The GBA brought us a hell of a lot of great games, from pocket-sized incarnations of some of our favourite console games, to handheld exclusive adventures and ports of classic SNES and Sega Mega Drive games. It was a powerful little beast considering when it was released. It was able to play massive SNES games (that would have been on cartridges 10 times the size of GBA ones) a mere 6 years after their initial releases. Ever thought you’d be playing Donkey Kong Country on a screen smaller than a credit card? Amazing stuff.

And so, I bring to you, a pocket sized collection of reviews of some of the GBA’s best (and worst) games, no bigger than the handheld console itself. Long live the memory of the Game Boy Advance!

Advance Wars – Smart and engrossing.

Altered Beast : Guardian of the Realms – Just plain wrong

Banjo Kazooie: Grunty’s Revenge – Colourful and absorbing .

Bomberman Tournament – Lazy and odd one player.

Crash 2: N-Tranced – Good fun for the little ones.

Crash Bandicoot XS – Impressive downscaled Crash but too short.

Donkey Kong Country – Great fun and well ported

Donkey Kong Country 2 – Excellent, even better than the first.

Donkey Kong Country 3 – Good but the worst of the Kongs.

Dragonball Z: Legacy of Goku 2 – Odd battling experience.

Earthworm Jim – Depressing port; nothing like the original

Earthworm Jim 2 – Sickeningly bad. Ported just as badly as EWJ.

Fire Pro Wrestling – Interesting take on pocket grappling.

F-Zero GP Legend – Fast but story is pointless.

Gunstar Future Heroes – Fantastic take on the classic shooter.

Kirby and the Amazing Mirror – Confusing mazes but good clean fun.

Konami Krazy Racers – Charming racer – with Ninja from MGS!

Lego Star Wars 2: The Original Trilogy – Cute lego based romp

Mario Vs. Donkey Kong – Clever reincarnation of the arcade classic.

Mario Kart: Super Circuit – Retro karting fun. Great in multiplayer.

Metroid Fusion – Flashy action, an incredible pocket metroid.

Monsters Inc. – Boring, clearly has had no thought put in.

Pokemon Fire Red/Leaf Green – Feels like a step backwards

Pokemon Ruby/Sapphire – Average; New ‘mon are all daft.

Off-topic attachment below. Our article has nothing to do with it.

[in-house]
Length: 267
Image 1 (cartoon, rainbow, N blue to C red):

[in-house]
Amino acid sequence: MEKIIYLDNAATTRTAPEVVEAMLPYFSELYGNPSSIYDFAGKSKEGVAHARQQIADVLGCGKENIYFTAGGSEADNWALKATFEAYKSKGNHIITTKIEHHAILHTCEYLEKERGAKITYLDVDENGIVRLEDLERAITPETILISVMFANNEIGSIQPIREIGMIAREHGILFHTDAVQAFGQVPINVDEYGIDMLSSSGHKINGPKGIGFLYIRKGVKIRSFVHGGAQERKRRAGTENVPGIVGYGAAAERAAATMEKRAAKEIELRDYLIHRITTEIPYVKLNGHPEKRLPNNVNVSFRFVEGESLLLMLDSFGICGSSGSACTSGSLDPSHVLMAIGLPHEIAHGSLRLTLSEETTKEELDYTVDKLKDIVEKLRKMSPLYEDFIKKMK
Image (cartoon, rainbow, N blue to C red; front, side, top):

Rayman – Pretty and impressive port.

Sonic Advance – Blisteringly fast – a worthy Sonic game.

Sonic Advance 2 – All over the place but great fun

Sonic Advance 3 – Slow by Sonic’s standards but OK.

Spyro 2: Season of Flame – Huge collect-em-up.

Spyro Adventure – A lot of collecting and talking but enjoyable.

Spyro: Season of Ice – Some frustrating areas but mostly good.

Super Mario Advance – Well ported attack on nostalgia.

Super Mario Advance 2: Super Mario World – Wonderful adventure.

Super Mario Advance 3: Yoshi’s Island – Clumsy controls.

Super Mario Advance 4: Mario Bros 3 – Frustratingly put together.

Super Street Fighter 2 Turbo Revival – Classic, frantic fighting fun.

Tekken Advance – Sluggish port of an otherwise great fighter.

The Legend of Zelda: Link to the Past – Ageing well. A good caper.

Tony Hawk’s Pro Skater 2 – Outstanding skater for such a small device.

Warioware Inc – Frenzied minigame action.

The Legend of Zelda: Twilight Princess

With the advent of the new Zelda game, “Spirit Tracks”, announced at this year’s Game Developer’s Convention, I felt it about time that I passed judgment on the last console based Zelda affair, the excellent Twilight Princess.

From the word go, this game has Zelda written all over it. You awake as a young farm boy who lives life in a quaint and quiet little village in the Kingdom of Hyrule. Enter something bad and brooding that dubs our little adventurer “The Chosen One” that causes him to start an epic adventure across the whole Kingdom of Hyrule, as well as some other random parallel universe that will surely come into play later on. If you have ever played any kind of Zelda game before then you will know what to expect.

This time around, our hero is controlled with the Wiimote and the nunchuck. Link is moved with the analogue stick and all weapons are mapped to the Wiimote. You can assign a weapon or item to B and use it whenever you wish, and seamlessly integrate these with sword slashes, assigned to a flick of the Wiimote. Whoever over at Nintendo decided that Link should be controlled in this way deserves a huge kiss and a massive raise, because it feels like the most natural control scheme ever, and I can honestly say that I cannot think of a better control scheme from any game I’ve ever played. There are points in the game where Link turns into a Wolf (won’t spoil why) but even in canine form Link is a dream to control. Even items that require aiming allow you to point the remote and aim on screen, and it works so well.


The game is ported from the Gamecube game which came out at the same time as the Wii incarnation and is literally flipped horizontally so that Links sword lies in his right hand, the same as you will be holding the Wiimote. The graphics, despite being ported from the GC are very good, and although I’ve seen the Wii do better, the attention to detail is unbelievable. Locales are expansive, varied and incredibly well designed. You will find yourself in a multitude of different environment from a gloomily misty wood all the way to the top of a blizzard-ridden mountain, all of them created and rendered to perfection. There is absolutely no pop-up, and every character from the gargantuan bosses you will fight to each blade of grass waving in the wind, each is animated exceptionally well.